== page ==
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A year after calling for improvement of the political and economic situation in Uzbekistan, the EBRD has concluded that there has been very limited progress and the bank is no longer able to conduct business as usual. The bank will stay engaged in Uzbekistan, but it can only focus its activities on the private sector and those public sector projects that finance cross-border activities or clearly benefit the Uzbek people.

The 2003 EBRD strategy for Uzbekistan expressed serious concerns about the state of genuine multi-party democracy, respect for the rule of law and human rights in Uzbekistan. The strategy set seven benchmarks for reform and scheduled a review of progress for the spring of 2004.

Over the past year, the EBRD and the Uzbek government have been engaged in extensive policy dialogue including through visits by Secretary-General Johnny Ükerholm and a mission by the board of directors. The bank is constantly monitoring developments in Uzbekistan, including the deeply regrettable recent terrorist acts.

While the Uzbek authorities have taken some steps, the review concludes that the overall impact of reform efforts and the progress towards the benchmarks have been very limited.

Therefore, EBRD investments will focus on private sector activities such as supporting small and medium-sized enterprises and attracting foreign direct investment. The review acknowledges that opportunities for private sector investment will depend on improvement in the investment climate. The bank pays special attention to transparency and governance aspects of any investments.

In the public sector, under present circumstances, the EBRD is able to focus on only two kinds of projects: local projects that have real and direct benefits for the Uzbek people, such as improved water and heating; and projects that involve neighbouring countries. Regional cooperation is critical for the countries of Central Asia.

The review says that it is important to stay engaged in Uzbekistan, albeit in a more focused programme of activity, because this is the best way for the EBRD to support the people of Uzbekistan. Through continued comprehensive dialogue and engagement, the bank hopes to encourage Uzbekistan to make further progress towards political and economic reform and eventually realise its considerable potential for investment and growth.

The review has the following observations about political benchmarks:

  • The government has not registered any opposition political parties. This is of special concern prior to the parliamentary elections due in December 2004. While censorship was formally abolished in 2002, media remain subject to state control, and journalists who express independent views are being harassed.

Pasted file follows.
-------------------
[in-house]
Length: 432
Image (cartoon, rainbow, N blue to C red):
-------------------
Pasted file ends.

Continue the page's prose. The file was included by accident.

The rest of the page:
• A second independent human rights organisation was registered in March 2003, but many other local NGOs involved in the area of rule of law and protection of human rights continue to be denied registration. The re-registration requirement for international NGOs is also of serious concern.

  • The government has undertaken some steps to improve access to prisons for the International Committee of the Red Cross, western embassies and other interested parties. A definition of “torture “has been incorporated into Uzbek legislation; however, torture has persisted in prisons and places of detention. An action plan on torture has been adopted, although it has not yet been published and contains no clear monitoring mechanism.

    Key observations regarding the four economic benchmarks:

  • Current account convertibility of the Uzbek currency (soum) has been introduced in line with Article VIII of the IMF agreement. Yet the potential benefits of these steps are diminished by reported restrictions on access to foreign exchange for consumer imports and the tight cash squeeze on the economy. There has been progress in liberalising the agricultural sector, with some increase in the state procurement price for cotton, but not to a market level. The tight cash squeeze has diminished the benefit of higher prices to producers.

  • Obstacles to trade and regional transit remain high, as do restrictions of domestic wholesale and retail trade. While the new tariff schedule introduced at the beginning of 2004 reduced slightly the average tariff rate, non-tariff obstacles to trade are largely unchanged and imports remain at a depressed level. Both privatisation and foreign direct investment have increased, albeit from low levels.

  • Apart from the sale of minority state holdings in four small banks, there has been no progress in banking reforms.

  • Tariffs for electric power have been increased in real terms and payment terms tightened in the electric power and gas sectors.

    The EBRD will continue to monitor developments in Uzbekistan in relation to the strategy benchmarks. A new strategy for Uzbekistan is scheduled for the spring of 2005.

    The EBRD, which has invested €527mn in Uzbekistan, has had a lower level of commitments in recent years as a result of the country’s unfavourable investment climate. Business volume in 2003 was €26mn.